UWEZO Youth Empowerment talk Day of the African Child

To honour the run up to International Day of the African Child on Friday, we are treating our followers to a week of contributions, updates and blogs from our five partner organisations in Africa. The themes of this year’s Day of the African Child are protection, empowerment and equal opportunities for all children in Africa; things that AbleChildAfrica dedicate our work to, day in day out. 

Sankara, a mentor at our partner organisation UWEZO Youth Empowerment, kindly took the time to answer some questions in the run up to the 2017 International Day of the African Child. Continue reading for an insight into his involvement with UWEZO and to learn a bit more about why the day is important to him…


Tell us a bit about yourself. What is your role and why did you become involved with UWEZO and the ‘Raising Aspirations’ project?

Sankara with his mentee in Rwanda

My name is Habimana, people call me Sankara. I’m 28 years old, the eldest in my family. I finished my secondary studies with a diploma in computer science, however I couldn’t go to university due to financial issues. I was involved in a car accident on 2nd July 2012 and had to  spend 14 months in hospital.

Today, I am the coordinator of all UWEZO Musanze mentors. I got involved with UWEZO because I was really interested in advocacy work, due to the fact I had recently become disabled. I started facing barriers in almost every aspect of my life and I began to understand what it must be like to be a disabled child [in Africa], struggling to go to school.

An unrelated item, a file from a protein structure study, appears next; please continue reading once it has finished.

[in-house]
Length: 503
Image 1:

What is the Day of African Child and why is it so valuable?

The day helps parents, guardians and even governments to re-think on what has been done or what can be done to further the basic rights for children. This can span from education, to sports or medication, and it’s important for children to be raised by their family and not institutions.

 

 

What has been your biggest learning about child rights (especially for disabled children) so far?

I have learnt that, whilst all kinds of rights are vital for all children, emphasis should be put on education as a fundamental right so that in the future all children can be fully included in all aspects of their community.

 

 

The international theme for the Day of the African Child 2017 is “accelerating protection, empowerment and equal opportunities for children in Africa by 2030”. How do you think you are empowering and accelerating equal opportunities for disabled children in your role as a mentor?

I’m helping my mentee to love school. I want him to enjoy going to school, doing his homework. During the evenings, I coach him in different things. I hope that, slowly by slowly, he will grow to love attending school.

 

 

The national theme for the Day of African Child 2017 is “building our future, preserving progress on child protection”. Why is child protection important to you? How does it relate to your role as a mentor to a child with a disability?

Child protection is very important because, ultimately, it should end any violation of child rights.  When a child is protected, they are free to feel inspired and look towards a bright future.

 


If you’d like to support our life-changing work with organisations such as UWEZO, you can donate at this link. All donations are greatly appreciated and truly will further our life-changing work with some of the most vulnerable children in the world.

With thanks to Sankara from our partner UWEZO Youth Empowerment.

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